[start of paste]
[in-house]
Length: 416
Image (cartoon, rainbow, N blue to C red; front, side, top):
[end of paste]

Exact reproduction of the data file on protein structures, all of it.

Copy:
[in-house]
Length: 416
Image (cartoon, rainbow, N blue to C red; front, side, top):